Farm to Farm, Family to Family: David Sommerstein travels with NC dairy farmers to a Mexican village many of their migrant workers call home.
Audio Series
A Year on the Farm
In this monthly feature series, David Sommerstein follows life in the barn, on the fields, and in the farmhouse through the changing seasons on the Andrews dairy farm near Gouverneur NY. This series won the 2006 "Cap" Creal Journalism Award from the New York Agricultural Society.
Audio Series
Hispanic Workers on North Country Farms
Five years ago, just a handful of farmers in the North Country employed Hispanic workers. Now many use workers from Latin America. The transition can be a bumpy one, for farmers and for the people they hire. David Sommerstein tells their stories in this ongoing series.
Audio Slideshow:
Beekeepers facing new challenges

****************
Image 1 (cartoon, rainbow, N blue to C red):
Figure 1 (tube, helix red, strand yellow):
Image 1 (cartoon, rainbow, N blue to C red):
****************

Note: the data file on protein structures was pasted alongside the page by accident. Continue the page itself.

Lucy Martin visits with Ontario beekeeper Terry McEvoy and talks about colony collapse disorder and other apiary ailments that raise concerns about the food supply.
Audio Slideshow
Sights & Sounds of the Dairy Princess Parade
We go to the sidelines of one of the big events on the annual dairy calendar, the St. Lawrence County Dairy Princess Parade in Canton. Fire engines, tractors, and floats rolled down Main Street on Saturday.
Audio Series
Diversifying North Country Farms
NCPR reporter David Sommestein's series on diversifying North Country farming won the 2003 “Cap” Creal Journalism Award from the New York State Agricultural Society.
Photo Audio Essay
Dairy Farming in the North Country
The time seemed right to look at the challenges facing dairy in the North Country. In part 1 we look at the price of milk, as seen through the eyes of one mid-size dairy farmer. In part 2 we visit a cheese manufacturer proposing drastic changes in the way North Country farmers do business. David Sommerstein reports.
Audio Slideshow
A Barn-Raising in Upper Jay (Real 6:23)
These days, most new barns are built quickly with steel frames and sheet-metal siding. But some landowners are taking a little more time, using methods and materials passed down over hundreds of years.
Photo Audio Essay
Saving New York's Historic Barns
Some of New York's oldest barns are getting facelifts. Todd Moe visited a Canton family's 1820 English threshing barn slated for restoration.